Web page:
Senate approves cyber incident reporting bill amid worries about Russian threats
Martin Matishak March 1, 2022

Senate approves cyber incident reporting bill amid worries about Russian threats

Senate approves cyber incident reporting bill amid worries about Russian threats

The Senate on Tuesday easily approved a bipartisan package of cybersecurity bills, including legislation that would require mandatory incident reporting for critical infrastructure firms.

The swift passage — done by unanimous consent ahead of President Joe Biden’s State of the Union address — marks an about face from just months ago when the measure was stripped from the annual defense policy bill.

The package represents “commonsense, bipartisan legislation that will help protect critical infrastructure from the absolute relentless cyber attacks that we see that threaten both our economy as well as our national security,” Senate Homeland Security Committee Chair Gary Peters (D-Mich.) said on the Senate floor before the vote.

“I think this is especially important right now as we face increased risk of cyber attacks from Russia — and the cyber criminals that they harbor — in retaliation for our support for Ukraine,” Peters added. “I appreciate the Senate for coming together here tonight to get this important landmark bill done.”

The cyber incident reporting bill would mandate that critical infrastructure operations alert the Homeland Security Department within 72 hours of a hack and 24 hours if the organization made a ransomware payment.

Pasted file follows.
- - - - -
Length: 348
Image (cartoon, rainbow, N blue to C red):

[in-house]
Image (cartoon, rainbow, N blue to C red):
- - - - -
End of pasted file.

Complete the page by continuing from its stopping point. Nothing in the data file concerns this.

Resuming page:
The package — which combines three pieces of legislation Peters and Rob Portman (Ohio), the Homeland Security panel’s top Republican, previously advanced out of their committee — features a bill to update the Federal Information Security Modernization Act for the first time since 2014. The measure would codify the responsibilities of the government’s top cyber officials, such as the recently created National Cyber Director.

In addition, the package included legislation to authorize the General Services Administrations’ FedRAMP procurement program for five years.

The bill’s approval triggered quick praise by senior Democrats.

“So glad to see the Senate pass the Strengthening American Cybersecurity Act – with the mounting threat of Putin launching more cyber attacks against Ukraine or even the US, there has never been a more critical time to act to strengthen our cyber defenses,” Senate Intelligence Committee Chair Mark Warner (D-Va.) tweeted.

“This legislation has been around for a while,” Senate Majority Leader Chuck Schumer (D-N.Y.) said on the chamber floor. “For too long, certain business interests opposed it. But now they have come to see the light.”

He said that once the bill is signed into law “America will be a safer place from one of the greatest scourges we worry about: cyberattack.”

“I’m glad we’re doing this,” Schumer added.

Attention now turns to the House, where the supporters of the cyber incident reporting mandate have vowed to get the legislation to the president’s desk

However, they predicted the measure would likely have to be attached to another, must-pass piece of legislation, like the annual defense policy roadmap.

Martin is a senior cybersecurity reporter for The Record. He spent the last five years at Politico, where he covered Congress, the Pentagon and the U.S. intelligence community and was a driving force behind the publication's cybersecurity newsletter.